What sorts of moves are possible when catching a Frisbee? And how might our beliefs about flexibility and improvisation limit what we see as attainable?
Beliefs are powerful shapers of who we are, and of the aims, small or big, that we strive to realize in our lives.
Some of our beliefs are familiar to us: they are clear, we know we have them, they come readily to mind, and are easily expressed. But not all of our beliefs are so familiar. Some of our beliefs have a more implicit existence. They are intricately interwoven with our experiences and what we have inferred or assumed, sometimes with little or no conscious awareness.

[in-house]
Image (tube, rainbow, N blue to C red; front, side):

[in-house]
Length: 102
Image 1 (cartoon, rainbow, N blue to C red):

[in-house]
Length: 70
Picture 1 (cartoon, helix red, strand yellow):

Where do our beliefs about creativity and the creative process reside on this continuum of explicit versus implicit beliefs? What do we hold to be true about how new insights and new ways of acting come to be? Do we think of creativity as something that is fixed and stable and “trait-like” — such that we either have it, or we don’t? Or do we see creativity as something that can be learned, developed, and improved with practice, guidance, or experience?
For more on creativity beliefs, including some research findings see Wilma’s July Psychology Today post.